Self-Explanation and Self-Questioning Prompts in Online Medical Health Learning

Author: 
Date created: 
2017-04-13
Identifier: 
etd10075
Keywords: 
Self-questioning
Self-explanation
Medical education
Nursing education
Prompts
Recall
Abstract: 

Online instruction in medical education is beneficial due to moves toward competency-based curricula, continuing education, serving professionals in remote locations, and knowledge updates as research advances. Those who study content online may require support to use effective methods that transform passive, less-engaged learning into active comprehension and purposeful application. This study compared two learning tactics: self-questioning and self-explanation that have not been compared in prior research. Health professionals and students across Canada studied a chapter in the Canadian Fundamentals of Fetal Health Surveillance (FHS) Self-Learning Online Manual, presented on an online learning management system. Participants used nStudy learning software to open note templates and type in either self-explanations or choose one among several question stems then fill in blank space(s) to create a question. Participants who created self-explanations performed better on the achievement posttest than those who generated self-questions. Further analyses disaggregated posttest items into intentional learning (relating to information in the text about which participants were prompted to generate an annotation) and incidental learning (relating to information in the text not directly prompted for annotation). Within the self-explanation condition, there was no statistically detectable difference in recall on intentional (prompted) content compared to incidental (non-prompted) content. In the self-questioning condition, incidental content was recalled similarly to the self-explanation group. However, there was a marked and statistically detectable decrease in recall of content about which participants were prompted to generate self-questions. Possible reasons for this effect based on past research and participant comments are discussed along with limitations of the study and opportunities for further research.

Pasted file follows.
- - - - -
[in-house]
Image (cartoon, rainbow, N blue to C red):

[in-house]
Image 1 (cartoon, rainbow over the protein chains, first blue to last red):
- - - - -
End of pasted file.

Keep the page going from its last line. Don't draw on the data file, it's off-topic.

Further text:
Document type: 
Thesis
Rights: 
This thesis may be printed or downloaded for non-commercial research and scholarly purposes. Copyright remains with the author.
File(s): 
Senior supervisor: 
Philip Winne
Department: 
Education: Faculty of Education
Thesis type: 
(Thesis) M.A.
Statistics: